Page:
The Earth’s climate is getting warmer, and the signs are everywhere. Global rain patterns are shifting, sea levels are on the rise, and glacial snow melt is at record high levels. As the Earth’s temperature continues to rise, we can expect even more transformation in our climate and environment. It is clear that current and future generations will face major challenges due to global climate change such as recognizing the evidence of these changes, identifying the potential impacts caused by these events, developing new strategies, policies and decisions to mitigate the risks, and finding ways to adapt to these changes.
With support from NASA’s Innovations in Climate Education initiative, the Institute for the Application of Geospatial Technology (IAGT) at Cayuga Community College and the Center for International Earth Science Information Network (CIESIN) at the Earth Institute, Columbia University have partnered to develop an interactive tool using NASA World Wind to bring climate science and socio-economic spatial datasets into classrooms. NASA’s Innovations in Climate Education initiative supports the development of high-quality literacy resources to help better understand and explain the causes and effects of global change to students in K-12, higher education, informal and non-formal educational settings, and the general public.
About the CHANGE Viewer
To engage future generations of decision makers and innovationists, the Climate and Health ANalysis for Global Education Viewer (CHANGE Viewer) interactive tool fosters analytical thinking about global climate change and the potential impact on human health by enabling investigations between climate and socio-economic and health data. Such investigations include examining where increases and decreases in precipitation patterns will alter maize and rice yields, or where increases in precipitation and temperature values will shift habitats suitable for mosquitoes carrying malaria (one of the oldest infectious diseases humans are still fighting).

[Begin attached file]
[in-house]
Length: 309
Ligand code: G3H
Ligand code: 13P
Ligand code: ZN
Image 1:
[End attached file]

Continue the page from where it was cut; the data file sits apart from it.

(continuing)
The CHANGE Viewer uses NASA’s World Wind application to provide access to a library of scientific geospatial datasets relevant to exploring potential impacts on human health in areas of food security, water security and infectious diseases. World Wind provides 3D visualization components that interactively display geographic information on a globe. By leveraging Java Web Start technology, the end-user experience is enhanced as it seamlessly provides the most up-to-date version every time the program is launched. These updates include access to the latest Web-accessible, OGC-compliant services.
Two existing Web-based resources— the Population Estimation Service developed by the NASA Socio-Economic Data and Application Center (SEDAC) operated by CIESIN, and the Climate Mapper tool provided by IAGT for the SERVIR project— are brought together in the CHANGE Viewer. Merging these existing NASA-supported tools allows both the technical components and population statistics to be applied to and analyzed against climate- and human health-related datasets provided by CIESIN and SEDAC, such as global population grids, human migration related to rising sea levels, population access to a public health infrastructure, and malnutrition levels related to changes in temperature and precipitation that would impact staple food production.
The Population Estimation Service is a Web Processing Service (WPS) for estimating population totals and related statistics within a user-defined region. Using the Population Estimation Service via the CHANGE Viewer lets users quickly obtain estimates of numbers of people residing in specific areas— for example, where rising sea levels would force people to migrate. The population estimation results can be overlaid on other layers with adjustable transparency to view the distribution of population affected by global climate change or to download for further analysis.